Purpose: To compare the efficacy of the following two empirically supported group interventions to help distressed survivors of breast cancer cope: mindfulness-based cancer recovery (MBCR) and supportive-expressive group therapy (SET).
Patients and methods: This multisite, randomized controlled trial assigned 271 distressed survivors of stage I to III breast cancer to MBCR, SET, or a 1-day stress management control condition. MBCR focused on training in mindfulness meditation and gentle yoga, whereas SET focused on emotional expression and group support. Both intervention groups included 18 hours of professional contact. Measures were collected at baseline and after intervention by assessors blind to study condition. Primary outcome measures were mood and diurnal salivary cortisol slopes. Secondary outcomes were stress symptoms, quality of life, and social support.
Results: Using linear mixed-effects models, in intent-to-treat analyses, cortisol slopes were maintained over time in both SET (P = .002) and MBCR (P = .011) groups relative to the control group, whose cortisol slopes became flatter. Women in MBCR improved more over time on stress symptoms compared with women in both the SET (P = .009) and control (P = .024) groups. Per-protocol analyses showed greater improvements in the MBCR group in quality of life compared with the control group (P = .005) and in social support compared with the SET group (P = .012).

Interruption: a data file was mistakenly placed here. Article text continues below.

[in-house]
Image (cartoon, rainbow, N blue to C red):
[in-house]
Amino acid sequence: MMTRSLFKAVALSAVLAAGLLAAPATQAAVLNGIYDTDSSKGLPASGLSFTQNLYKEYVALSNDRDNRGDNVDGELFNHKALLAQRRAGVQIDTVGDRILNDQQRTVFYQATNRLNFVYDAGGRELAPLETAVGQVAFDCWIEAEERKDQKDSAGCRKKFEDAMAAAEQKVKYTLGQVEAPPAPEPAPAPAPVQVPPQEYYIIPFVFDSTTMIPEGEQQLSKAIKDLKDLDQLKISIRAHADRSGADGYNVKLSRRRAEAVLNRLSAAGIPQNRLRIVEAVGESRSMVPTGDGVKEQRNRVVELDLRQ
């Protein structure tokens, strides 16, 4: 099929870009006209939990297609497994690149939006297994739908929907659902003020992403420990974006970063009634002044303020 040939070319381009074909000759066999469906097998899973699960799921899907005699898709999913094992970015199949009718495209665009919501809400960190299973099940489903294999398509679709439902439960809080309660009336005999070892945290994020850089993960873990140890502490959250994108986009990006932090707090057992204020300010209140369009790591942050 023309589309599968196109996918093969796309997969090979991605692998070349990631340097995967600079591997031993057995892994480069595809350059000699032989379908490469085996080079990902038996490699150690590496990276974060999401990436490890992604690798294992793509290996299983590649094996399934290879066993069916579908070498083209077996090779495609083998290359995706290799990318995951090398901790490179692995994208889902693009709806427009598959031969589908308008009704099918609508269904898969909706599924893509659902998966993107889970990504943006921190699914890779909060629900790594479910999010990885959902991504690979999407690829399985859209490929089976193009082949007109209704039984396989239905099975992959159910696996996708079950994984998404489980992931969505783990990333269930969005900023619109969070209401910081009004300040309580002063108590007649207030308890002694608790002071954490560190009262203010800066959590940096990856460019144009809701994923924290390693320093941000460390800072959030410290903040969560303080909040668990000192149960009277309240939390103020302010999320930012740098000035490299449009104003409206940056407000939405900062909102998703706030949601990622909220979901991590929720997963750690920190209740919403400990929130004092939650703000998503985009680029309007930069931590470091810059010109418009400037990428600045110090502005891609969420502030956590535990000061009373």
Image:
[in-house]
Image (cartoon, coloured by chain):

Conclusion: In the largest trial to date, MBCR was superior for improving stress levels, quality of life and social support [CORRECTED] for distressed survivors of breast cancer. Both SET and MBCR also resulted in more normative diurnal cortisol profiles than the control condition. The clinical implications of this finding require further investigation.